Much of that happens early in people’s careers, during women’s childbearing years. The American Economic Review paper, which examined people born around 1970, found that almost all of the pay gap for college graduates came from ages 26 to 33.
The researchers used demographic data from the 2000 census and work history from 1995 to 2008 from the Census Bureau’s Longitudinal Employer-Household Dynamics program, which covers private-sector companies. These two data sets have rarely been combined, which allowed the researchers to connect people’s work histories with demographic data like age, education, marriage and childbirth.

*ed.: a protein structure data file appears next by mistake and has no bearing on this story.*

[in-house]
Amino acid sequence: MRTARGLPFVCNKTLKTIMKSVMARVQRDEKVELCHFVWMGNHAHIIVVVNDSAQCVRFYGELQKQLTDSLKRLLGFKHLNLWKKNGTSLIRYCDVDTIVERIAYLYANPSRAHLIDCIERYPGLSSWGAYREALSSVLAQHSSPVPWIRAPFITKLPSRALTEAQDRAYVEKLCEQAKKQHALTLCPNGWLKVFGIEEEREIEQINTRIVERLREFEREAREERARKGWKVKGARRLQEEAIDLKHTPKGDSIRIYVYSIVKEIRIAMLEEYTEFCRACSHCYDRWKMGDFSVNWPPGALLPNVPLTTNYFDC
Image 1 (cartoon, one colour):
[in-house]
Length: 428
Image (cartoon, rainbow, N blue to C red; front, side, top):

The pay gap is larger for college graduates because their earnings are higher, and men dominate the highest-paying jobs. These jobs also place more value on long, inflexible hours.
People without college degrees start out with a slightly larger pay gap, but it is smaller throughout their careers. Part of the reason is that less educated men have fewer high-paying job options than they used to. “The pay gap is not because non-college-educated women do so well, but because non-college-educated men are not doing well,” Ms. Kerr said.